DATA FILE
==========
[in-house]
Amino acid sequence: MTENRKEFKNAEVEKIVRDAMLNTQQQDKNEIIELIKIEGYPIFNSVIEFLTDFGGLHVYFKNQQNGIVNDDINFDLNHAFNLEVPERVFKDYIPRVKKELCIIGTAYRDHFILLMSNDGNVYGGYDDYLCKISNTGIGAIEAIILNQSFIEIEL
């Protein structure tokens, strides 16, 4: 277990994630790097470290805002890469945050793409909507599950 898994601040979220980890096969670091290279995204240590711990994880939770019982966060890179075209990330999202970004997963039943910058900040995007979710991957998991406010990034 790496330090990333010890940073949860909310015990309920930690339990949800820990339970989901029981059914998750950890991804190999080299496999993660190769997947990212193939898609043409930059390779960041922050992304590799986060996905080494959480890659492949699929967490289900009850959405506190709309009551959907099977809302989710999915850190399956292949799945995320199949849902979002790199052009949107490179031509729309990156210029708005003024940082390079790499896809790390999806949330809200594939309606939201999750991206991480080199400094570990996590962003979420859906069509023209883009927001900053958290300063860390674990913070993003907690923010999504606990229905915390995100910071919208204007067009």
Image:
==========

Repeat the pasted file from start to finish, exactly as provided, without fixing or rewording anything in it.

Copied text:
[in-house]
Amino acid sequence: MTENRKEFKNAEVEKIVRDAMLNTQQQDKNEIIELIKIEGYPIFNSVIEFLTDFGGLHVYFKNQQNGIVNDDINFDLNHAFNLEVPERVFKDYIPRVKKELCIIGTAYRDHFILLMSNDGNVYGGYDDYLCKISNTGIGAIEAIILNQSFIEIEL
């Protein structure tokens, strides 16, 4: 277990994630790097470290805002890469945050793409909507599950 898994601040979220980890096969670091290279995204240590711990994880939770019982966060890179075209990330999202970004997963039943910058900040995007979710991957998991406010990034 790496330090990333010890940073949860909310015990309920930690339990949800820990339970989901029981059914998750950890991804190999080299496999993660190769997947990212193939898609043409930059390779960041922050992304590799986060996905080494959480890659492949699929967490289900009850959405506190709309009551959907099977809302989710999915850190399956292949799945995320199949849902979002790199052009949107490179031509729309990156210029708005003024940082390079790499896809790390999806949330809200594939309606939201999750991206991480080199400094570990996590962003979420859906069509023209883009927001900053958290300063860390674990913070993003907690923010999504606990229905915390995100910071919208204007067009």
Image: